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Divides with him his household care,

Than shards or mallows for the pot, Such as the Sabine matrons were,

That keep the loosen'd body sound, Such as the swift Apulian's bride,

Or than the lamb, that falls by lot
Sun-burnt and swarthy though she be,

To the just guardian of my ground. Will fire for winter-nights provide,

Amidst these feasts of happy swains,
And without noise will oversee

The jolly shepherd smiles to see
His children and his family ;

His flock returning from the plains;
And order all things till he come,

The farmer is as pleas'd as he Sweaty and overlabour'd, home;

To view his oxen sweating smoke,
If she in pens his flocks will fold,

Bear on their necks the loosen'd yoke:
And then produce her dairy store,

To look upon his menial crew,
With wine to drive away the cold,

That sit around his cheerful hearth, And unbought dainties of the poor;

And bodies spent in toil renew Not oysters of the Lucrine lake

With wholesome food and country mirth.
My sober appetite would wish,

This Morecraft said within himself,
Nor turbot, or the foreign fish

Resolv'd to leave the wicked town:
That rolling tempests overtake,

And live retir'd upon his own,
And hither waft the costly dish.

He call'd his money in;
Not heathpout, or the rarer bird,

But the prevailing love of pelf,
Which Phasis or lonia yields,

Soon split him on the former shelf,
More pleasing morsels would afford

He put it out again.
Than the fat olives of my fields;

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THE

POEMS

OP

EDMÜND SMITH.

THE

LIFE OF SMITH,

BY DR. JOHNSON.

EDMUND Smith is one of those lucky writers, who have, without much labour, attained high reputation, and who are mentioned with reverence rather for the possession than the exertion of uncommon abilities.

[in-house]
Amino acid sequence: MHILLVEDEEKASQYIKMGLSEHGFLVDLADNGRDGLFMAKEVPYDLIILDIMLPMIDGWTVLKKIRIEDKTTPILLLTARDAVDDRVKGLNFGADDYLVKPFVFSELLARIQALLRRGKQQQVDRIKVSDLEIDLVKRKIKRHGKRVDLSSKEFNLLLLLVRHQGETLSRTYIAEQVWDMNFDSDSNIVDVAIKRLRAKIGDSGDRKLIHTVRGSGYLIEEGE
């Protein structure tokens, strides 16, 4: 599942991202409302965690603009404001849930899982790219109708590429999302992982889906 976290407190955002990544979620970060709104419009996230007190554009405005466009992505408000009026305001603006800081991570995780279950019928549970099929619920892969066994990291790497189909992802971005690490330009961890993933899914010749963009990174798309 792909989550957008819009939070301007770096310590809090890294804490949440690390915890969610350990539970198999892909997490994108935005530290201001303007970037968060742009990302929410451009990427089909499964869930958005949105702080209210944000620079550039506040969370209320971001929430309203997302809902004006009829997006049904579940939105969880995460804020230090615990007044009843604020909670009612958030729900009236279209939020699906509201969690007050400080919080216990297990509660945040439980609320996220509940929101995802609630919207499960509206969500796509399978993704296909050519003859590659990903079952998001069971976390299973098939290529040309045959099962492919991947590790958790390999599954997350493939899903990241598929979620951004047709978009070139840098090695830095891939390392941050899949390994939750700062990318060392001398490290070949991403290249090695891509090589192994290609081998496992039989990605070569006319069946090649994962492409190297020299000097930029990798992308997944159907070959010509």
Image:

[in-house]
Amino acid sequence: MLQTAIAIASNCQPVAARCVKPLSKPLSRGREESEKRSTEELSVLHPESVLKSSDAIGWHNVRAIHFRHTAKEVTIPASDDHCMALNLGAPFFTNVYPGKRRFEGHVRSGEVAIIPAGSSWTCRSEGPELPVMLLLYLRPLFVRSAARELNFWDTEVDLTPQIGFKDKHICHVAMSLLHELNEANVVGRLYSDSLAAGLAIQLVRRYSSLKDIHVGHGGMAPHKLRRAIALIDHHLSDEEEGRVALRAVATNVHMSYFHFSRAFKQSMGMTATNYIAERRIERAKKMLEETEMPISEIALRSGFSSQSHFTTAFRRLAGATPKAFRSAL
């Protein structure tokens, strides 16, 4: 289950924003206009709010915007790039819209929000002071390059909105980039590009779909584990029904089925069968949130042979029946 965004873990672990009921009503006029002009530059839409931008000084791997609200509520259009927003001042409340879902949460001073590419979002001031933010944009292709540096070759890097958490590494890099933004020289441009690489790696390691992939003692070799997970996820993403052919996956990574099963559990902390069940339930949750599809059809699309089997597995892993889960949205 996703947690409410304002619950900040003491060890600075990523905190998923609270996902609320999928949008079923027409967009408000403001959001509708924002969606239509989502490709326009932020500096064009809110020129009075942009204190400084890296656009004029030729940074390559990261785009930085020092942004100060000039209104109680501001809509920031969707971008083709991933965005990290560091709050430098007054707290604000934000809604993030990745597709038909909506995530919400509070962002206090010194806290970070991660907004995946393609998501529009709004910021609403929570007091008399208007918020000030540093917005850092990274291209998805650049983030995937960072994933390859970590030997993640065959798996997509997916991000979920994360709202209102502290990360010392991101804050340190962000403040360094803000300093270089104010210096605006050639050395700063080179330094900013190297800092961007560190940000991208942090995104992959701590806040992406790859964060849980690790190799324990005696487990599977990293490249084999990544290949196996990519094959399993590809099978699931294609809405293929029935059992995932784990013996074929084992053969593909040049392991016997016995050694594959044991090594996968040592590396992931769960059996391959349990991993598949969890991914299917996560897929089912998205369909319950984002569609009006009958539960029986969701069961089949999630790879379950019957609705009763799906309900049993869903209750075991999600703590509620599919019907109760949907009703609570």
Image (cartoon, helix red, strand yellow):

Of his life little is known; and that little claims no praise but what can be given to intellectual excellence, seldom employed to any virtuous purpose. His character, as given by Mr. Oldisworth with all the partiality of friendship, which is said by Dr. Burton to show “ what fine things one man of parts can say of another,” and which, however, comprises great part of what can be known of Mr. Smith, it is better to transcribe at once than to take by pieces. I shall subjoin such little memorials as accident has enabled me to collect.

MR. EDMUND SMITH was the only son of an eminent merchant, one Mr. Neale, by a daughter the famous baron Lechmere. Some misfortunes of his father, which were soon followed by his death, were the occasion of the son's being left very young in the bands of a near relation, (one who married Mr. Neale's sister) whose name was Smith.

This gentleman and his lady treated him as their own child, and put him to Westminster-school under the care of Dr. Busby; whence, after the loss of his faithful and generous guardian (whose name he assumed and retained), he was removed to Christ-church in Oxford, and there by his aunt handsomely maintained till her death ; after which he continued a member of that learned and ingenious society till within five years of his own; though, some time before his leaving Christ-church, he was sent for by his mother to Worcester, and owned and acknowledged as her legitimate son ; which had not been mentioned, but to wipe off the aspersions that were ignorantly cast by some on his birth. It is to be remembered, for our author's honour, that, when at Westminster election he stood a candidate for one of the universities, he so signally distinguished himself by his conspicuous performances, that there arose no small contention between the representative electors of Trinity College in Cambridge and Christ-church in Oxon, which of those two royal societies should adopt him as their own. But the electors of Trinity College having the preference of choice that year, they resolutely elected him ; who yet, being invited at the same time to Christ-church, chose to accept of a studentship there.

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